The Antikythera Mechanism

Antikythera Mechanism - Antikythera Mechanism Research Project

Image: The Antikythera Mechanism

Image Source: Antikythera Mechanism Research Project


The Antikythera Mechanism is an ancient device that was used in antiquity to predict astronomical positions and eclipses. The mechanism has been called “the world’s first computer.”

The Antikythera Mechanism was discovered at the beginning of the 20th century by divers exploring a shipwreck off the island of Antikythera in Greece.

A recent article is reporting that divers are planning to return to the shipwreck where the Antikythera Mechanism was found. Below is an excerpt from the article:

Archaeologists set out to use a revolutionary new deep sea diving suit to explore the ancient shipwreck where one of the most remarkable scientific objects of antiquity was found.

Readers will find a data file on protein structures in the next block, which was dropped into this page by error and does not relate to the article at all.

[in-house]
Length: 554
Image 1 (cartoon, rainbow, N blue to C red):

The so-called Antikythera Mechanism, a 2nd-century BC device known as the world’s oldest computer, was discovered by sponge divers in 1900 off a remote Greek island in the Aegean.

The highly complex mechanism of up to 40 bronze cogs and gears was used by the ancient Greeks to track the cycles of the solar system. It took another 1,500 years for an astrological clock of similar sophistication to be made in Europe.

Now archaeologists returning to the wreck will be able to use a new diving suit which will allow them to more than double the depth they can dive at, and stay safely at the bottom for longer.

The video below is a presentation of the Antikythera Shipwreck, an exhibit at the National Archaeological Museum in Athens, Greece.

Claude Mariottini
Professor of Old Testament
Northern Baptist Seminary

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